BEAVER CREEK, Colo. — Think a gold medal is the end-all and be-all for Winter Games athletes? Well, meet Marcel Hirscher , who can reasonably stake a claim as the very best Alpine ski racer without an Olympic gold to his name.
Hirscher has accomplished just about everything else there is to accomplish in his sport. Six crystal globes that signify World Cup overall season titles — all in a row, too, and No. 7 is in his sights at the moment. Fifty-two World Cup race wins. Four world championship crowns.
Still, the question the 28-year-old Austrian gets asked over and over these days, with the first race of the Pyeongchang Games scheduled for a month from Thursday, is this: Does Hirscher need an Olympic gold medal to validate all of his success? It truly is the only thing missing from his impressive portfolio .
He scoffs at the implication.
“It won’t change my life,” Hirscher said in a recent interview. “Because if I had a choice between winning another globe or an Olympic gold medal, it is easy for me.”
In other words: The globe would be his choice. And not much to debate, either, because he, like many other ski racers, considers that emblematic of consistent excellence, sustained over the course of months, through an entire season and through various types of races and mountains. An Olympic gold, the thinking goes, represents merely success in one event, on one day, and subject to the vagaries of such things as the weather and a particular course setting.
Indeed, Hirscher defined it as “an American mindset” that demands that he needs an Olympic gold to cement his status.
“For me, personally,” he said, “and for the European mindset, no.”
He is certain that his place in the pantheon of skiing greats is already secured, no matter what happens next month in South Korea.
Ask him who his biggest rival is these days, and Hirscher offers a quick answer.
“Myself,” he said.
In the past, Hirscher has come quite close to climbing atop the top step of an Olympic podium. He earned a silver in the slalom four years ago at the Sochi Games, finishing as the runner-up to countryman Mario Matt. That is Hirscher’s lone medal, though: He was fourth in the giant slalom in 2014.
At the 2010 Vancouver Olympics, Hirscher was fourth in the GS and fifth in the slalom.
He didn’t get in his usual block of training to start the season after breaking his left ankle in August when he straddled a slalom gate during practice. He’s quickly rounded back into form, with seven victories and another trio of top-5 finishes. He leads the overall World Cup standings by more than 150 points over Henrik Kristoffersen of Norway.
“I’m just skiing, skiing, skiing, skiing, since I’m able to ski again,” Hirscher said. “More skiing than usual.”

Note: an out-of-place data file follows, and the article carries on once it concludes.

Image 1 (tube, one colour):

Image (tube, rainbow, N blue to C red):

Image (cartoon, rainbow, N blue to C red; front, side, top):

His biggest rivals aren’t all that surprised by his quick return to the top of the sport, even if he did miss a big chunk of training time.
“He always downplays things and wins,” Ted Ligety of the United States said. “You have to take what he says with a grain of salt.”
Hirscher’s the racer that everyone else studies. He watches his own runs over and over again, looking for ways he can improve. And he studies other racers, too.
“Every good athlete is helping me to improve my skiing,” Hirscher said. “I can find, in every athlete, one good turn or two good turns. I can analyze why those turns were faster than other turns. And sometimes you can find out why athletes are better than other ones.”
On the course, Hirscher is so composed that nothing seems to distract him — not even a falling drone. During a race in Italy in December 2015, a drone carrying a TV camera crashed to the snow just behind Hirscher as he sped down the mountain.
“He’s mentally strong,” Kristoffersen said.
There was a time when being mentioned in the same sentence as Austrian greats such as Franz Klammer (1976 Olympic downhill gold) or Hermann Maier (1998 super-G and giant slalom golds) used to make Hirscher a bit uncomfortable. But it’s become part of the territory for someone who wins so often.
A few years ago, Hirscher and Maier filmed a commercial in which they raced around a track in motorized living room chairs.
The race ended in a draw.
Whatever comparisons are made nowadays — and might be made after the Pyeongchang Olympics — Hirscher is OK with them. And feels fine about his standing.
“It took years to accept that this is happening,” Hirscher said. “Now I say, ‘OK, it is part of my life’ and so I’m fine with it.”
More AP Olympic coverage: https://wintergames.ap.org